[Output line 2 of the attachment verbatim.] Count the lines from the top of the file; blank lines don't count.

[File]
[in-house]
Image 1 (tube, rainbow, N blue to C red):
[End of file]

Image 1 (tube, rainbow, N blue to C red):